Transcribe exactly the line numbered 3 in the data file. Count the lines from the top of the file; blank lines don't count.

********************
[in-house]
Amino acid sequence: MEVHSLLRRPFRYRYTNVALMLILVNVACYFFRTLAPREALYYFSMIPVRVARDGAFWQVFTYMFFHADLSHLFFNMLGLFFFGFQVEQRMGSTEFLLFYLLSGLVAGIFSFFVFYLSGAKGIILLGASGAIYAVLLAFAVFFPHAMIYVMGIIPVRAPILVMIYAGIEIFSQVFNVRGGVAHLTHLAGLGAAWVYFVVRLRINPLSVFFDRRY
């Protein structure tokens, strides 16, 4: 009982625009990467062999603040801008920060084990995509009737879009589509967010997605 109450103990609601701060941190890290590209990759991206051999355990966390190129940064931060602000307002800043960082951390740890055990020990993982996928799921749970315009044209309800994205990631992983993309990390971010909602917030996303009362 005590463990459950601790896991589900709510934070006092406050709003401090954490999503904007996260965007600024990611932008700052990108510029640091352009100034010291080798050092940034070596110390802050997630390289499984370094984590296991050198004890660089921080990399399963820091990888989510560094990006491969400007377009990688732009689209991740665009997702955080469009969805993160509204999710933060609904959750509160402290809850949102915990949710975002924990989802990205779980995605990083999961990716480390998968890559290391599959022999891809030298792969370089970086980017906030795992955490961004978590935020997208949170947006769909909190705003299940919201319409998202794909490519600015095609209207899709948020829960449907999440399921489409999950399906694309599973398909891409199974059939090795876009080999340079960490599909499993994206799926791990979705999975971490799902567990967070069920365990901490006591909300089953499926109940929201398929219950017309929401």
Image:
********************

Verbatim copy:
């Protein structure tokens, strides 16, 4: 009982625009990467062999603040801008920060084990995509009737879009589509967010997605 109450103990609601701060941190890290590209990759991206051999355990966390190129940064931060602000307002800043960082951390740890055990020990993982996928799921749970315009044209309800994205990631992983993309990390971010909602917030996303009362 005590463990459950601790896991589900709510934070006092406050709003401090954490999503904007996260965007600024990611932008700052990108510029640091352009100034010291080798050092940034070596110390802050997630390289499984370094984590296991050198004890660089921080990399399963820091990888989510560094990006491969400007377009990688732009689209991740665009997702955080469009969805993160509204999710933060609904959750509160402290809850949102915990949710975002924990989802990205779980995605990083999961990716480390998968890559290391599959022999891809030298792969370089970086980017906030795992955490961004978590935020997208949170947006769909909190705003299940919201319409998202794909490519600015095609209207899709948020829960449907999440399921489409999950399906694309599973398909891409199974059939090795876009080999340079960490599909499993994206799926791990979705999975971490799902567990967070069920365990901490006591909300089953499926109940929201398929219950017309929401």